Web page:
The Non Method Acting Technique we teach at The Heller Approach is based upon the lessons of the late Don Richardson, author of “Acting Without Agony: An Alternative to The Method“.
Mr. Richardson devised an acting technique that was quite different from the torturous ‘Method.’ If you ever studied ‘Method’ acting, then you know that specific types of acting techniques can be painful, even torturous. Some have said that the acting technique they have used is even worse than therapy. Well, there is an alternative to this. You can learn an easier non method acting technique which has been used for many years by legendary actors!
The Technique offers an alternative to Method acting and teaches another way of arriving at emotions. It further maintains that acting should be fun. Not a self-dissecting experience. This non method acting technique gives you a very simple, structured way of working without making acting a complex, traumatic, painful experience. Furthermore, this non method acting technique will help you learn how to analyze a scene and create the most believable, entertaining characters in a very short period of time. This is required in today’s fast paced Hollywood entertainment industry. Brad Heller of The Heller Approach is widely considered as being the best acting coach in Los Angeles. He is known for providing the best and most effective acting classes available in Hollywood. The basics of the Heller Approach acting lessons include Styles of Entertainment, Believability, Scene Study, Emotion, Comedy, and Cold Read/Audition Technique.
Acting is Like Being an Athlete: A Technique Based on Muscle Memory
Don Richardson taught the principle, Acting is like being an athlete. This statement may seem confusing at first, but after some thought, it is clear how the two are related: an athlete and an actor require the same training, the same principles of preparation, and the same muscle memory execution. In order for one’s acting to be believable and true, the actor must not be thinking about what he is supposed to do next, or be watching himself to ensure he is “doing it correctly.” Don often reminded his students that “the character doesn’t know she’s in the story. To create convincing human beings we must obey natural laws. In life, we do not go around constantly thinking about who we are, and neither should the character.” After our brains have memorized the lines, the rest of the tasks in acting are turned over to our body. Through practice, our bodies can learn to do things without thinking. Just as we learn to catch a ball without thinking about it. The greatest aid in acting is that our body remembers. The non method acting technique used at The Heller Approach relies on muscle memory. Just as a professional tennis player does not think about how he is going to hit the ball on the tennis court, an actor needs to be able to trust his body to remember the preparation done prior to filming. Similar to athletic training, there are two phases in acting: Preparation and Execution. Preparation is the step where you learn everything. Execution is where you let go completely – allowing your body to remember what it learned during rehearsal. Your muscles will remember if you have done the preparation. A professional athlete trains every day in order to prepare for the big match, and once he is on the court, there is no more thinking about what he is going to do – he just does it. In acting, the answer lies in making everything we can a conditioned reflex so that we don’t have to think about it. You cannot criticize and be creative at the same time.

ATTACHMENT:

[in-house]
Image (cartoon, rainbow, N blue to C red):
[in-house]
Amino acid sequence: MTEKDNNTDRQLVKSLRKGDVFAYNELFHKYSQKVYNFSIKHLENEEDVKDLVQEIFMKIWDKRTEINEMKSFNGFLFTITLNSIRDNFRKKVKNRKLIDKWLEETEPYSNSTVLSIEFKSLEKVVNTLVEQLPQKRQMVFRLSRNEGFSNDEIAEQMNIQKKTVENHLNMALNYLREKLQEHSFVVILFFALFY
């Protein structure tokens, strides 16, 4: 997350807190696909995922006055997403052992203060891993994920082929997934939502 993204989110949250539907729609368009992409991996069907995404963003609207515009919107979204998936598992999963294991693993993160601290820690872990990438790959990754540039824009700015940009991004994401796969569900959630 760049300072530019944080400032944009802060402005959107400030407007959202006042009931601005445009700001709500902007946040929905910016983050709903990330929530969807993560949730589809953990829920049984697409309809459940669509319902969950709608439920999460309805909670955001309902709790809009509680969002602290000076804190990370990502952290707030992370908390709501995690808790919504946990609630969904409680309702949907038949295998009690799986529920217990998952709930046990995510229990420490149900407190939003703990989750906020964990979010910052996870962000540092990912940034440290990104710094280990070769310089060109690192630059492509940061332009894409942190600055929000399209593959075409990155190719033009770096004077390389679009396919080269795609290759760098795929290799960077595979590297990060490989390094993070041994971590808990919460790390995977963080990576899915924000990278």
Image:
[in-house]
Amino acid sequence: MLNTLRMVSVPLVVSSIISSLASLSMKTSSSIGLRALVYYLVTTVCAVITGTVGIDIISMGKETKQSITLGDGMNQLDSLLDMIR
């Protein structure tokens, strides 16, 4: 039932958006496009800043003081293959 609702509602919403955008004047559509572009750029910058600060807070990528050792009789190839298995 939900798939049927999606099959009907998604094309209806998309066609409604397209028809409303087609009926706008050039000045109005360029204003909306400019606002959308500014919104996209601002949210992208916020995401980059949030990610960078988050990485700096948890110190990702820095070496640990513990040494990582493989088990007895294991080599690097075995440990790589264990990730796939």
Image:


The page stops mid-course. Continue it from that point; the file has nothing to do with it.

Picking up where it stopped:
Stage Fright and Anxiety
The issue of stage fright and anxiety is another exclusively addressed issue by The Heller Approach’s curriculum. Once you have understood how acting is like being an athlete, it is important to comprehend the acting industry. Becoming an actor in Los Angeles is like competing in the Olympics. In terms of professional football, it requires the ability to handle the stress and pressure of being the wide receiver who is ABLE to catch the ball when billions of people are watching him at the Super Bowl. Being an actor who is able to leave an audition without regret is the definition of Victory. Knowing he had done the best possible, and that fear and anxiety didn’t impede one’s performance is success. As an actor, your ability to act is the only thing you have control over. Understanding how to handle the fear when it hits you is fundamental to one’s success as an actor. The Heller Approach teaches its students the tools to be able to act under any condition. Students can come through and perform exceptionally under any condition: good feelings, bad feelings, or distracting thoughts. They no longer mess up their auditions due to anxiety causing them to freeze. Students of The Heller Approach acting school no longer leave their auditions or performances with the worst feeling in the world – regret.